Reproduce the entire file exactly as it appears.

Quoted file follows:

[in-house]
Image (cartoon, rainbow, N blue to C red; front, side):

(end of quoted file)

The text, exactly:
[in-house]
Image (cartoon, rainbow, N blue to C red; front, side):